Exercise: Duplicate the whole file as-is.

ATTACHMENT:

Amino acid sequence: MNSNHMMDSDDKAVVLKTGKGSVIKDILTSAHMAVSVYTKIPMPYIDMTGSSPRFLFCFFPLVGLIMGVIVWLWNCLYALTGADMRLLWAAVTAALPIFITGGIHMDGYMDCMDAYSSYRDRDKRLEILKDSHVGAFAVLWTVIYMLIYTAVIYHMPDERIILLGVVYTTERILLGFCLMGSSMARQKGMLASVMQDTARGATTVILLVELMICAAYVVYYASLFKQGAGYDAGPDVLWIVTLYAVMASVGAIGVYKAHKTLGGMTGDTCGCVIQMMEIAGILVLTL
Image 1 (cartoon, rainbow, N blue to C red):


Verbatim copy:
Amino acid sequence: MNSNHMMDSDDKAVVLKTGKGSVIKDILTSAHMAVSVYTKIPMPYIDMTGSSPRFLFCFFPLVGLIMGVIVWLWNCLYALTGADMRLLWAAVTAALPIFITGGIHMDGYMDCMDAYSSYRDRDKRLEILKDSHVGAFAVLWTVIYMLIYTAVIYHMPDERIILLGVVYTTERILLGFCLMGSSMARQKGMLASVMQDTARGATTVILLVELMICAAYVVYYASLFKQGAGYDAGPDVLWIVTLYAVMASVGAIGVYKAHKTLGGMTGDTCGCVIQMMEIAGILVLTL
Image 1 (cartoon, rainbow, N blue to C red):